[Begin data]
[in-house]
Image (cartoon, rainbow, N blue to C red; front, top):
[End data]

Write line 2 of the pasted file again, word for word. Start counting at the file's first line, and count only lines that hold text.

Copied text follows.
Image (cartoon, rainbow, N blue to C red; front, top):